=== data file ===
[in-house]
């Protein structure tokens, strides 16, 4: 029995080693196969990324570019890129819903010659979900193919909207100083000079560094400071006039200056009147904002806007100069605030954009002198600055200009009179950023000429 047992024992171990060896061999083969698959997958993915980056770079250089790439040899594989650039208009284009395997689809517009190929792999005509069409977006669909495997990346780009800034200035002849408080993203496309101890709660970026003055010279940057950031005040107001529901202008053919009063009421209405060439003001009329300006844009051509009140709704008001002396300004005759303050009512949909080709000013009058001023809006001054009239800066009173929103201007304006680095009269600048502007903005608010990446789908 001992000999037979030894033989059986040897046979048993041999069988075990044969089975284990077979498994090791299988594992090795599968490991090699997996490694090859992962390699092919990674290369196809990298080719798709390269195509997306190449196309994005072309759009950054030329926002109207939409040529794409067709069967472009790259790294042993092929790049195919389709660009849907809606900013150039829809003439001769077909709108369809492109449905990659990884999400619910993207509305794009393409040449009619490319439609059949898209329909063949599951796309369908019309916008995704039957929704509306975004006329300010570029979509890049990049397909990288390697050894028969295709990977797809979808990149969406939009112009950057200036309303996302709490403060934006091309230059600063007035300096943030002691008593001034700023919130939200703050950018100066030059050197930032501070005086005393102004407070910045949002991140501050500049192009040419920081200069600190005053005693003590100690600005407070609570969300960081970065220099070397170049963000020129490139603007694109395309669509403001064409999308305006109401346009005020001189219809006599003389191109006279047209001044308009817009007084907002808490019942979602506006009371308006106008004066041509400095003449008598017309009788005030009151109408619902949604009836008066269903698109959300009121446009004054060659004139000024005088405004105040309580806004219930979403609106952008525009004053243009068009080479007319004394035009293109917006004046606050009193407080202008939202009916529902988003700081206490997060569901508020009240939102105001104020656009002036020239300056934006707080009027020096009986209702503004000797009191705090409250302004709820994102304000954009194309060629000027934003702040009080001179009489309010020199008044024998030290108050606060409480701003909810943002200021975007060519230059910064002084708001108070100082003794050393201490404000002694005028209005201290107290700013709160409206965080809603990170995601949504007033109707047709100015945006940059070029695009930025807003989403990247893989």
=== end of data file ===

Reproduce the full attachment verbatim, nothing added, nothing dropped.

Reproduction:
[in-house]
């Protein structure tokens, strides 16, 4: 029995080693196969990324570019890129819903010659979900193919909207100083000079560094400071006039200056009147904002806007100069605030954009002198600055200009009179950023000429 047992024992171990060896061999083969698959997958993915980056770079250089790439040899594989650039208009284009395997689809517009190929792999005509069409977006669909495997990346780009800034200035002849408080993203496309101890709660970026003055010279940057950031005040107001529901202008053919009063009421209405060439003001009329300006844009051509009140709704008001002396300004005759303050009512949909080709000013009058001023809006001054009239800066009173929103201007304006680095009269600048502007903005608010990446789908 001992000999037979030894033989059986040897046979048993041999069988075990044969089975284990077979498994090791299988594992090795599968490991090699997996490694090859992962390699092919990674290369196809990298080719798709390269195509997306190449196309994005072309759009950054030329926002109207939409040529794409067709069967472009790259790294042993092929790049195919389709660009849907809606900013150039829809003439001769077909709108369809492109449905990659990884999400619910993207509305794009393409040449009619490319439609059949898209329909063949599951796309369908019309916008995704039957929704509306975004006329300010570029979509890049990049397909990288390697050894028969295709990977797809979808990149969406939009112009950057200036309303996302709490403060934006091309230059600063007035300096943030002691008593001034700023919130939200703050950018100066030059050197930032501070005086005393102004407070910045949002991140501050500049192009040419920081200069600190005053005693003590100690600005407070609570969300960081970065220099070397170049963000020129490139603007694109395309669509403001064409999308305006109401346009005020001189219809006599003389191109006279047209001044308009817009007084907002808490019942979602506006009371308006106008004066041509400095003449008598017309009788005030009151109408619902949604009836008066269903698109959300009121446009004054060659004139000024005088405004105040309580806004219930979403609106952008525009004053243009068009080479007319004394035009293109917006004046606050009193407080202008939202009916529902988003700081206490997060569901508020009240939102105001104020656009002036020239300056934006707080009027020096009986209702503004000797009191705090409250302004709820994102304000954009194309060629000027934003702040009080001179009489309010020199008044024998030290108050606060409480701003909810943002200021975007060519230059910064002084708001108070100082003794050393201490404000002694005028209005201290107290700013709160409206965080809603990170995601949504007033109707047709100015945006940059070029695009930025807003989403990247893989």